Community benefits more from selling confiscated sawn timber compared to round logs
Mpingo Conservation & Development Initiative (MCDI) has played a pivotal role in supporting rural Tanzanian communities to own and economically benefit from forests. We do this by facilitating sustainable, Forest Stewardship Council (FSC)-certified timber production, and have supported five communities to generate over $200,000 from timber sales in just five years. This communal income – which is spent on village development projects – provides local people with concrete incentives to manage forests sustainably.
Despite better forest management, illegal logging by people from outside the villages we support can still be a challenge. In MCDI-supported communities, the Village Natural Resources Committees (VNRCs) patrol the forest at least twice per month to hammer down on these activities, confiscating illegally cut wood and fining the offenders. The village is then able to sell the confiscated wood onto a suitable buyer. However, as buyers often come with their own set of specifications, suitable ones can take time to come by.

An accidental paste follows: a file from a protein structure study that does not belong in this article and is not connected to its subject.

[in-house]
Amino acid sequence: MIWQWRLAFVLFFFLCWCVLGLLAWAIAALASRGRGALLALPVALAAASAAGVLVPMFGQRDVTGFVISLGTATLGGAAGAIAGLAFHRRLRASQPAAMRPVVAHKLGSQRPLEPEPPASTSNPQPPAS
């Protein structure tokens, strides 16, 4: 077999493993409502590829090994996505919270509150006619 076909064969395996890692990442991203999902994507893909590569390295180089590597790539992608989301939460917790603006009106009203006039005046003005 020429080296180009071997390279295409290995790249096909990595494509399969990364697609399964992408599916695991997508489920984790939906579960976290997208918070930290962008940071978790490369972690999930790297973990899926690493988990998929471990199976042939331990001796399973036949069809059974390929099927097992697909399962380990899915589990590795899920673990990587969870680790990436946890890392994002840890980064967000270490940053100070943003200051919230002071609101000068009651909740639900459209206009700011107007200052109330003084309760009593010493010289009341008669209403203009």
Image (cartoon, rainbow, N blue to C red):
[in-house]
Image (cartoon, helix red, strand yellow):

MCDI are working with communities to tackle this challenge. In September, we advised the VNRC in Ngea – one of 11 communities that are certified under MCDI’s FSC Group Certificate – to process 30 confiscated logs into sawn timber to fetch more money. We provided them with a loan to cut the logs using pit saws. The planks were then sold via auction, generating more profits – and incentives to fight against illegal activities in the forest – than they would have made from selling raw logs alone.
Ngea was not only able to pay the loan back to MCDI in full, but they are using the profits to build a teachers’ house. The village already has a school building, but the last teacher that was posted in Ngea left because of the poor living conditions. By building good quality accommodation next to the school, Ngea is increasing the chances that the next teacher will want to stay in the village; local children will be able to go to school to get an education.
Ngea is the first community that MCDI has supported to sell sawn timber in this way. We are now working to support more communities to move up the value chain by selling sawn timber in addition to raw logs. By our calculations, this should almost double the profits – and benefits – they can generate from trees in the forest. Stay tuned as we post more updates.